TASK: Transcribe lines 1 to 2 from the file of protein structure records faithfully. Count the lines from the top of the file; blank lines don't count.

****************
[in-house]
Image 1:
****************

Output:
[in-house]
Image 1: